- Category : Engineer
- Type : PSP
- Profile : 4/6 - Opportunistic / Role Model
- Definition : Single
- Incarnation Cross : RAX Tension 1
Self-taught French engineer, inventor, and aeronautical pioneer.
Ader constructed a balloon at his own expense in 1870. By 1873 he had turned his attention to heavier-than-air flight, constructing a winged “bird” on which he is said to have made tethered flights. Ader resigned his position with the Administration of Bridges and Roads in 1876, determined to make a fortune and pursue the dream of mechanical flight. He built his early reputation as a pioneer of telephony and an inventor of communications devices, which ranged from a microphone to a public address system.
Work on his first powered aircraft began in 1882 and continued for eight years. On Aug. 11, 1890, Ader was granted a patent covering the essentials of the steam-propelled, tailless monoplane that he named Éole in honour of the Greek god of the winds (Aeolus). Six weeks later, on Oct. 9, 1890, he achieved a powered hop of about 50 metres (165 feet) through the air. Éole was incapable of either sustained or controlled flight, but this was the first occasion on which a powered aircraft carrying a human being made a takeoff from level ground. Ader’s claims for a second hop of about 100 metres (330 feet) in September 1891 are not generally accepted.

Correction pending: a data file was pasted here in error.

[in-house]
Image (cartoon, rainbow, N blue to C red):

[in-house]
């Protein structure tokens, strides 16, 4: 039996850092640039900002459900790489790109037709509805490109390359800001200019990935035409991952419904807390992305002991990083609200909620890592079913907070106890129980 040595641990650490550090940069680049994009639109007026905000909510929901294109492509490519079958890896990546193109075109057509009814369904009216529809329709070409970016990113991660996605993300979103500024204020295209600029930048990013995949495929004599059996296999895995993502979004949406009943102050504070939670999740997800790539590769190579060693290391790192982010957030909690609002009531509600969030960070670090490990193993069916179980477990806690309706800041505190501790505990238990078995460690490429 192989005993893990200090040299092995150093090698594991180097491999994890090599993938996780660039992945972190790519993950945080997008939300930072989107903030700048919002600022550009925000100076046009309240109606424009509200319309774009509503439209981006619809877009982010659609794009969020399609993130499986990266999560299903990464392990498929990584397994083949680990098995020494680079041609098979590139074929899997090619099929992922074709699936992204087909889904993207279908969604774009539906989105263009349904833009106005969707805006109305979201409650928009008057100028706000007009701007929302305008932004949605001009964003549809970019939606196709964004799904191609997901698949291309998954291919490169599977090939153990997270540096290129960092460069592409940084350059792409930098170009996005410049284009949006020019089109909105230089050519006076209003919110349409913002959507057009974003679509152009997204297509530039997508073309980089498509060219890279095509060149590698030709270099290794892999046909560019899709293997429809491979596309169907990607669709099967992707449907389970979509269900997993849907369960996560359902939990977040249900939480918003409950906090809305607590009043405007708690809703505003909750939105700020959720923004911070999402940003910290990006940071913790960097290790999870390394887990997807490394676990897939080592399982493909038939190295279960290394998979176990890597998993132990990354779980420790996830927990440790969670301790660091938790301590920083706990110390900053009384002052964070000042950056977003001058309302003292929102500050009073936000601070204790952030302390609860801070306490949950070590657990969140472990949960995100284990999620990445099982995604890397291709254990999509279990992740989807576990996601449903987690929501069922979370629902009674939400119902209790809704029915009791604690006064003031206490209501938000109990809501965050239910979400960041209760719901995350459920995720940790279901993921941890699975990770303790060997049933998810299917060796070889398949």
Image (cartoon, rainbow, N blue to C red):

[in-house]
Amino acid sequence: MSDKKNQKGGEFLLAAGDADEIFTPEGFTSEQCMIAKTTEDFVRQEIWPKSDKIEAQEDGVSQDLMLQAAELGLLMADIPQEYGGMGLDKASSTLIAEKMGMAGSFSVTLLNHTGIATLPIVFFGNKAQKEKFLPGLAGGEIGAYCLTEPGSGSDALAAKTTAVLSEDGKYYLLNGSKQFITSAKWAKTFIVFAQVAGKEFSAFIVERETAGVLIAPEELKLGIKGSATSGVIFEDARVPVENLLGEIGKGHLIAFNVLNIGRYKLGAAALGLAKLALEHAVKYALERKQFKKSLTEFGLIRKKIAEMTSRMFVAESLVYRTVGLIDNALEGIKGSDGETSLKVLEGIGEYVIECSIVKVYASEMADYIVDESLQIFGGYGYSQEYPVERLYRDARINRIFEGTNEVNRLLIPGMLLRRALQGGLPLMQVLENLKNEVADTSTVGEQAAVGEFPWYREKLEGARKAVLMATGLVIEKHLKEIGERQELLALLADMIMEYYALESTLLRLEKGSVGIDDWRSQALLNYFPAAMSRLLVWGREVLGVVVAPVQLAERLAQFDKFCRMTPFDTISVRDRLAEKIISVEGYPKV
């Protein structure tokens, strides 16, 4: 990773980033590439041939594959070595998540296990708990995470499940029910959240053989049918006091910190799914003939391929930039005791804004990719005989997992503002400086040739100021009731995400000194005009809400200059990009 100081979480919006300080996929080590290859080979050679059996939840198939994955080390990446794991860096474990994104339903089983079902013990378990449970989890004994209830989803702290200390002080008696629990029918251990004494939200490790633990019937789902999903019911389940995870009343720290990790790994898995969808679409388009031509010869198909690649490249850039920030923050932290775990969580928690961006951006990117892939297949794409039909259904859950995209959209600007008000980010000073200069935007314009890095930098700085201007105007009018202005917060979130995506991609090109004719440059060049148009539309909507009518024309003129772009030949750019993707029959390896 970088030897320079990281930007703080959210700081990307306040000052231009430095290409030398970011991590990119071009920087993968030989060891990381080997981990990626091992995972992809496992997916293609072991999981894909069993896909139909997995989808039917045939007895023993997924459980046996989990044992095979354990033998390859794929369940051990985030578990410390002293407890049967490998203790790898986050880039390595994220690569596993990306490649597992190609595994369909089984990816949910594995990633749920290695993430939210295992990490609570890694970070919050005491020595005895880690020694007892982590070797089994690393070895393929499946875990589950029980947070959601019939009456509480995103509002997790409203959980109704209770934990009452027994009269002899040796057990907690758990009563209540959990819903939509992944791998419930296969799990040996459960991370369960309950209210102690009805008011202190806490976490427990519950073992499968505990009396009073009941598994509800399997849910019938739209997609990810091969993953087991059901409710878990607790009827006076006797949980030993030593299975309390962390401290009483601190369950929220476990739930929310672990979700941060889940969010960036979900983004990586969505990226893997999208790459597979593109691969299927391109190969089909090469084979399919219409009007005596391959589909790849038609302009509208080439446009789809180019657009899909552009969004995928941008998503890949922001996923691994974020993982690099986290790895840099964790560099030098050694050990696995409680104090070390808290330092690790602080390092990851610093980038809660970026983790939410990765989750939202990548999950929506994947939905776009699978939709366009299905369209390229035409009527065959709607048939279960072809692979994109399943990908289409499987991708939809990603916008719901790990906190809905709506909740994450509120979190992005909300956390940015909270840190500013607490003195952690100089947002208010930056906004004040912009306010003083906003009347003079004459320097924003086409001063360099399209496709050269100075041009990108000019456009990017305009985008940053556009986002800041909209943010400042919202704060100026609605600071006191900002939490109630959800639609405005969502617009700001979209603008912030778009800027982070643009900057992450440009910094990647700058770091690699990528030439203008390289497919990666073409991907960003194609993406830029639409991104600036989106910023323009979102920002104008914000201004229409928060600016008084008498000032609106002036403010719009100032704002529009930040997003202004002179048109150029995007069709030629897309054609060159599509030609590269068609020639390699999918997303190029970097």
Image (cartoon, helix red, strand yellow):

In 1892 the Minister of War offered Ader the first payment in what would have eventually grown into a 650,000-franc subsidy to construct a new flying machine. The initial design, Avion II, was abandoned before completion. Avion III was tested on a circular track at Satory on 12 Oct. 12 1897. The official report of the trials noted that the machine had not flown but recommended that the tests continue. Officials of the Ministry of War, however, decided that they had seen enough and refused to fund further tests
Clément Ader remained an active proponent of the development of aviation. In 1909 he published L'Aviation Militaire, a very popular book which went through 10 editions in the five years before the First World War. It is notable for its vision of air warfare and its foreseeing the form of the modern aircraft carrier, with a flat flight deck, an island superstructure, deck elevators and a hangar bay. His idea for an aircraft carrier was relayed by the US Naval Attaché in Paris and were followed by the first trials in the United States in November 1910.
He died 5 March 1926, Toulouse.